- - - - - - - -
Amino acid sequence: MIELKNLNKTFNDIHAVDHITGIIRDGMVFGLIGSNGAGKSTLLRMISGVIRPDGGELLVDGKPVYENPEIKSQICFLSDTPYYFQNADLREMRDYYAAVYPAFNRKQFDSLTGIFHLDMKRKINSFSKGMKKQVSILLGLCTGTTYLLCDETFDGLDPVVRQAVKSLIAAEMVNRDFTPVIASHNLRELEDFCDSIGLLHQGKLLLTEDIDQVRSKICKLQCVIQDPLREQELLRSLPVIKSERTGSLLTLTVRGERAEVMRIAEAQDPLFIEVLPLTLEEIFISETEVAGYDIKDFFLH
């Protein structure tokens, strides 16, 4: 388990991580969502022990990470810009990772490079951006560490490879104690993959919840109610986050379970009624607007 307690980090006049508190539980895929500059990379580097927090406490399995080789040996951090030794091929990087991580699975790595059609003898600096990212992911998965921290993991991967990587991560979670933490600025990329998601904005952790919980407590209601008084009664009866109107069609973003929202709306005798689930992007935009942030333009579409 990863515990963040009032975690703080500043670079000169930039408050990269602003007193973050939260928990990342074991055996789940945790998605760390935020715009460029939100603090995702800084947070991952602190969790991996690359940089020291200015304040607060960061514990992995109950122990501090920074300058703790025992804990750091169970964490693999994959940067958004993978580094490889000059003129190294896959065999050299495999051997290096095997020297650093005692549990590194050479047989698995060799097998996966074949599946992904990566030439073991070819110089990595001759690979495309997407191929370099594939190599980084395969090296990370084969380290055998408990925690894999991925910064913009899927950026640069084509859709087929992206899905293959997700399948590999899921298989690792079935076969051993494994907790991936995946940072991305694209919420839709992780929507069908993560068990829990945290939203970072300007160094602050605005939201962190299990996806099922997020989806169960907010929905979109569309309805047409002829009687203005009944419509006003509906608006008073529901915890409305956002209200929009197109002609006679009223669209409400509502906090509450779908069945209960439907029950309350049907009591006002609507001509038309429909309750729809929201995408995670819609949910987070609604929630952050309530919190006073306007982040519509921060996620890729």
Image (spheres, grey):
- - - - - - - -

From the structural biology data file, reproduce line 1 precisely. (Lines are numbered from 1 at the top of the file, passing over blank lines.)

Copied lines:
Amino acid sequence: MIELKNLNKTFNDIHAVDHITGIIRDGMVFGLIGSNGAGKSTLLRMISGVIRPDGGELLVDGKPVYENPEIKSQICFLSDTPYYFQNADLREMRDYYAAVYPAFNRKQFDSLTGIFHLDMKRKINSFSKGMKKQVSILLGLCTGTTYLLCDETFDGLDPVVRQAVKSLIAAEMVNRDFTPVIASHNLRELEDFCDSIGLLHQGKLLLTEDIDQVRSKICKLQCVIQDPLREQELLRSLPVIKSERTGSLLTLTVRGERAEVMRIAEAQDPLFIEVLPLTLEEIFISETEVAGYDIKDFFLH